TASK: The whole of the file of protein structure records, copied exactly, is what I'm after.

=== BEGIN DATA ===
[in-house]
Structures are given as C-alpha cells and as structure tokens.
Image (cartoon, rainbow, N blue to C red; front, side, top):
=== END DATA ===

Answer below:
[in-house]
Structures are given as C-alpha cells and as structure tokens.
Image (cartoon, rainbow, N blue to C red; front, side, top):